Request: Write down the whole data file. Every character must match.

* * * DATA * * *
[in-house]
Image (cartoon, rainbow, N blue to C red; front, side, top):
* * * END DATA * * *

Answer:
[in-house]
Image (cartoon, rainbow, N blue to C red; front, side, top):